The January 1, 2013 proclamation of the Safety and Health at Work Act eight years after it was passed in Parliament was not greeted with the pomp and ceremony that one would expect for such a significant piece of legislation.
However, its passing set a precedent that would require private sector companies, government ministries, all academic institutions and any health care facility, to either develop or amend any existing policy to meet the requirements as stipulated in the act.
But anyone reviewing many of the existing safety and health policies in the past three months would see that there is an alarming disparity in content and effectiveness; suggesting to the reviewer that the majority of these policies requires a complete rewrite of the existing policy in many cases.
In other instances, many companies will now need to introduce a written policy because the purported policy was either verbal or conceptual and therefore, due to a lack of documentation, lacked a signature by management, denoting implementation of such a policy, and a signature of acceptance by the worker.
This singular lack of signatures renders the OSH policy incapable of being enforced. The reason for the introduction of a written policy is that both the employer and the employee need to agree to a structured safety and health programme, which includes training and administrative operational procedures that will guide, and where appropriate, implement penalties for any infraction of the safety and health policies of the company.
According to the act, penalties can be invoked where infractions are evident. However, these are all avoidable situations. The Factories Act and the Public Health Act have long been the tools by which many companies used as a guide for establishing safety and health policies and procedures for their employees.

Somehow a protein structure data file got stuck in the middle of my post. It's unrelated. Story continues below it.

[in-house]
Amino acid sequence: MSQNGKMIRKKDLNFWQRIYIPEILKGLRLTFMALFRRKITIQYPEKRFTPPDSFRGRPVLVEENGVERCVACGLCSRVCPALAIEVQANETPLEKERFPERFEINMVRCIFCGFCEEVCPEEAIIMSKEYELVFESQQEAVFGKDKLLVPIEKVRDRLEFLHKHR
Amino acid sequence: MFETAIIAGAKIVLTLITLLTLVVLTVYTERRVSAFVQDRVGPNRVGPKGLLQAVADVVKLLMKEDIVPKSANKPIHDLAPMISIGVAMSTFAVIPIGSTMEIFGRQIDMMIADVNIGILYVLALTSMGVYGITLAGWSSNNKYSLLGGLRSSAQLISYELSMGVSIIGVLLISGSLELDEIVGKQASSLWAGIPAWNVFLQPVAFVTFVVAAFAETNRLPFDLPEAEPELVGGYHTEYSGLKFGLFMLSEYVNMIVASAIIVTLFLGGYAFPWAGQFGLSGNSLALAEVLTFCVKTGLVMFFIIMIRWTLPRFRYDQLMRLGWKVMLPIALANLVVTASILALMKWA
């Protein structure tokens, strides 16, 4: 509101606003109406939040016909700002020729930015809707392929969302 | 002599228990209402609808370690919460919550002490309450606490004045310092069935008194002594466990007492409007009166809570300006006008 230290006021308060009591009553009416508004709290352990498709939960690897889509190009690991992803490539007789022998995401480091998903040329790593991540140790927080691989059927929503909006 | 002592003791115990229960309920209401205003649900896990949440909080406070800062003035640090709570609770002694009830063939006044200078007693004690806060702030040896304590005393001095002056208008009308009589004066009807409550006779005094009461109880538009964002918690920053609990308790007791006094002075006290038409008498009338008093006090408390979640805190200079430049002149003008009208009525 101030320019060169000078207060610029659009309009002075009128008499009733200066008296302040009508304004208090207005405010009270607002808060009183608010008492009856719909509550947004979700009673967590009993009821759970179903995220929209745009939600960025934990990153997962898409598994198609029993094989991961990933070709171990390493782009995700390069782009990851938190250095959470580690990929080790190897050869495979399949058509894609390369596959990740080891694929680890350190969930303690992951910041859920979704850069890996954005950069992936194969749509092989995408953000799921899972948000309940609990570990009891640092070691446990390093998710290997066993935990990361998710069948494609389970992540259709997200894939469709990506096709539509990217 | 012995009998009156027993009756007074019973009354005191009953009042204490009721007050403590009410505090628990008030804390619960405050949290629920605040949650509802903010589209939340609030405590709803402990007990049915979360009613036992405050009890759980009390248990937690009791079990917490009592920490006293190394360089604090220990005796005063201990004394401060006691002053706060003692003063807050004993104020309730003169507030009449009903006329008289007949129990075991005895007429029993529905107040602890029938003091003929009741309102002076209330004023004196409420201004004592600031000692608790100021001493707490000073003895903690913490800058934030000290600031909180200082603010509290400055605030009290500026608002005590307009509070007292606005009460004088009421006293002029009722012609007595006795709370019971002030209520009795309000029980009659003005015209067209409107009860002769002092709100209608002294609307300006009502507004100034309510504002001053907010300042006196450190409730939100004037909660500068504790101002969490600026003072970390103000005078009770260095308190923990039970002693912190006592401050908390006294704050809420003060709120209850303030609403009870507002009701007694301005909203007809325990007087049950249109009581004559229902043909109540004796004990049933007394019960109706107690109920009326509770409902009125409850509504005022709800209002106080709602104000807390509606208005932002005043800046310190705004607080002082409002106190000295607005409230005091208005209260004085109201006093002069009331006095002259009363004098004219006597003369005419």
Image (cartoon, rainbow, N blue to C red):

The use of these two acts required legal interpretation resulting in some cases the introduction of convoluted policies, which according to some managers, created cumbersome administrative procedures for employees to follow and managers to enforce. However, the introduction of this act does not excuse the careless actions on the part of the employee, or the employer’s low prioritisation of a comprehensive safety and health programme in favour of the economic profitability of the company.
It also does not excuse Government for its own archaic safety and health programme within its ministries and institutions. In fact, Government critics have publicly commented on its lack-lustre safety and health record including, and it’s seemingly disregard to the safety and health needs of public sector employees.
One fundamental component of any safety and health programme will be its ability to reduce the careless actions that contribute to worker injuries on the job. Carelessness on the job is statistically one of the most significant factors that is recorded in an accident report.
Simple acts, such as not wearing safety goggles for eye protection; incorrect use of safety helmets, or the wearing of baseball caps under the helmet. One worker, who had complained that the helmet increased the heat on his head, drilled a series of holes into the helmet, declaring that the holes allowed for “more air to pass through”, the worker’s head was now receiving cool air but the helmet was now completely ineffective as safety wear.
Another worker, who stated that the safety goggles did not reduce enough of the sun’s glare or heat, folded a cardboard box into headwear that was then merged with the baseball cap and safety helmet, to create a “glare and heat reducer; which according to the worker was “most effective”. However, the worker’s peripheral vision was now reduced to a similar area as that of a racehorse wearing “blinders”.
Deliberate worker carelessness includes incorrect footwear while working on a construction site — workers have been observed wearing sandals and rubber slippers while on rooftops and climbing scaffolding.